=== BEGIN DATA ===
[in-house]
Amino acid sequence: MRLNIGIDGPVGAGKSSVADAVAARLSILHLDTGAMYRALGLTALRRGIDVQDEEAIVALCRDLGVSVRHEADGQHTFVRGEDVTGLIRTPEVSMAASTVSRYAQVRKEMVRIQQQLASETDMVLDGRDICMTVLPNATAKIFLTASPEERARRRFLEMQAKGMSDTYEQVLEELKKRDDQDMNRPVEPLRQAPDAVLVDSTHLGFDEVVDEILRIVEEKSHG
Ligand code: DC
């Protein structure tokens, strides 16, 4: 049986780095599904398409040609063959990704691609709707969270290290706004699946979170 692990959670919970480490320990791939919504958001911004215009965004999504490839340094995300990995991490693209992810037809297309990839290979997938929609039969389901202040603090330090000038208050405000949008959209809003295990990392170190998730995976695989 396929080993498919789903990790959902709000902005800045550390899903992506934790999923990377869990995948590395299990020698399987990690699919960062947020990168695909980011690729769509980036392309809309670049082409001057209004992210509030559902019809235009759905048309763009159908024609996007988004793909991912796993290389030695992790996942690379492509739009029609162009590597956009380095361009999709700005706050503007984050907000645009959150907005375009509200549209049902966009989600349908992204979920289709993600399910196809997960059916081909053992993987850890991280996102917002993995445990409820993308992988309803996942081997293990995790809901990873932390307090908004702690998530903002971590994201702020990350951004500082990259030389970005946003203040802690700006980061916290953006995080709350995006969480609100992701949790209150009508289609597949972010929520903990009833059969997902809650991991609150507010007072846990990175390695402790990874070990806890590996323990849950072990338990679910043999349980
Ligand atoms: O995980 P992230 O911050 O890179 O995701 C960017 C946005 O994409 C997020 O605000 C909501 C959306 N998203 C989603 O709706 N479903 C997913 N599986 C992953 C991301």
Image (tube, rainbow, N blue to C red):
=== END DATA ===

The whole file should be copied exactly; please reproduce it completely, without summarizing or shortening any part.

[in-house]
Amino acid sequence: MRLNIGIDGPVGAGKSSVADAVAARLSILHLDTGAMYRALGLTALRRGIDVQDEEAIVALCRDLGVSVRHEADGQHTFVRGEDVTGLIRTPEVSMAASTVSRYAQVRKEMVRIQQQLASETDMVLDGRDICMTVLPNATAKIFLTASPEERARRRFLEMQAKGMSDTYEQVLEELKKRDDQDMNRPVEPLRQAPDAVLVDSTHLGFDEVVDEILRIVEEKSHG
Ligand code: DC
């Protein structure tokens, strides 16, 4: 049986780095599904398409040609063959990704691609709707969270290290706004699946979170 692990959670919970480490320990791939919504958001911004215009965004999504490839340094995300990995991490693209992810037809297309990839290979997938929609039969389901202040603090330090000038208050405000949008959209809003295990990392170190998730995976695989 396929080993498919789903990790959902709000902005800045550390899903992506934790999923990377869990995948590395299990020698399987990690699919960062947020990168695909980011690729769509980036392309809309670049082409001057209004992210509030559902019809235009759905048309763009159908024609996007988004793909991912796993290389030695992790996942690379492509739009029609162009590597956009380095361009999709700005706050503007984050907000645009959150907005375009509200549209049902966009989600349908992204979920289709993600399910196809997960059916081909053992993987850890991280996102917002993995445990409820993308992988309803996942081997293990995790809901990873932390307090908004702690998530903002971590994201702020990350951004500082990259030389970005946003203040802690700006980061916290953006995080709350995006969480609100992701949790209150009508289609597949972010929520903990009833059969997902809650991991609150507010007072846990990175390695402790990874070990806890590996323990849950072990338990679910043999349980
Ligand atoms: O995980 P992230 O911050 O890179 O995701 C960017 C946005 O994409 C997020 O605000 C909501 C959306 N998203 C989603 O709706 N479903 C997913 N599986 C992953 C991301």
Image (tube, rainbow, N blue to C red):